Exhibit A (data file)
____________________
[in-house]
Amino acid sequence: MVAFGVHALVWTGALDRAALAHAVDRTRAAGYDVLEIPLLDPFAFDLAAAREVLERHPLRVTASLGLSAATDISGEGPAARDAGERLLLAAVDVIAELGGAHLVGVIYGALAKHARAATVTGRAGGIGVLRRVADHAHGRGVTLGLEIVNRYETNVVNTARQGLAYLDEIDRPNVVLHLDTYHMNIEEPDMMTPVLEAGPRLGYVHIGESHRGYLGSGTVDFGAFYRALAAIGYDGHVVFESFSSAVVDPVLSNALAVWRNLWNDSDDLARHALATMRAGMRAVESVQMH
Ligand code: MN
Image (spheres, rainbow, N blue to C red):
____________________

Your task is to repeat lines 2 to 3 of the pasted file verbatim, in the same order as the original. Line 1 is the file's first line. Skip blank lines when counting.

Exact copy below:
Amino acid sequence: MVAFGVHALVWTGALDRAALAHAVDRTRAAGYDVLEIPLLDPFAFDLAAAREVLERHPLRVTASLGLSAATDISGEGPAARDAGERLLLAAVDVIAELGGAHLVGVIYGALAKHARAATVTGRAGGIGVLRRVADHAHGRGVTLGLEIVNRYETNVVNTARQGLAYLDEIDRPNVVLHLDTYHMNIEEPDMMTPVLEAGPRLGYVHIGESHRGYLGSGTVDFGAFYRALAAIGYDGHVVFESFSSAVVDPVLSNALAVWRNLWNDSDDLARHALATMRAGMRAVESVQMH
Ligand code: MN